Art and a legend’s legacy

Alexander ScottNorth West Telegraph
Mandla Magwenzi, Yusef Tuando, Freya Cameron-Webster, Gail Mabo, Tyrell Edgar and Menushi Perera.
Camera IconMandla Magwenzi, Yusef Tuando, Freya Cameron-Webster, Gail Mabo, Tyrell Edgar and Menushi Perera.

Pilbara students were given the rare opportunity to paint alongside renowned indigenous artist, Gail Mabo, the daughter of indigenous land rights activist Eddie Koiki Mabo.

Ms Mabo spoke about the benefits of painting and her father’s legacy with the children at Hedland Senior High School last Wednesday.

“It’s how they can help to maintain that legacy in the future, and what I believe their roles in the community are to help preserve and maintain that legacy,” she said.

During her visit, Ms Mabo took part in the art classes at the school, helping the students paint a mural and showing them her process.

“Everyone’s touched paint with me and had conversations, and that’s the best way to have a conversation, around doing something that we enjoy, and the students enjoy doing the painting,” she said.

Hedland Senior High School principal Bill Mann said students and staff were privileged to have Ms Mabo visit the school.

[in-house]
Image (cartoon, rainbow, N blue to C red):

“It’s critically important for our students to experience the opportunity to meet with Gail and talk to her about the issues that she and her family have faced and resolved,” he said.

“It creates a huge opportunity for them and the whole school to learn from the wonderful experiences that Gail Mabo has brought to our school.”

HSHS visual arts teacher Caitlin Domeny said the visit was a great opportunity for upper- school students, who benefited from seeing her process and mural projects coming up later this year. “For them to have that experience working on a large scale is really beneficial for them in terms of their education, and for our specialist students, they got to meet a professional artist and learn more about her work and her process,” she said.

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